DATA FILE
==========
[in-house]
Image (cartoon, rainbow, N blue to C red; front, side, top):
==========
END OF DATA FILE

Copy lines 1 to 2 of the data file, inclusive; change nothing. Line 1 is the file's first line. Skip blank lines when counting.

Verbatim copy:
[in-house]
Image (cartoon, rainbow, N blue to C red; front, side, top):